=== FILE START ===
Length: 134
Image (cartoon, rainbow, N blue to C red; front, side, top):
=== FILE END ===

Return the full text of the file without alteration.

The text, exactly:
Length: 134
Image (cartoon, rainbow, N blue to C red; front, side, top):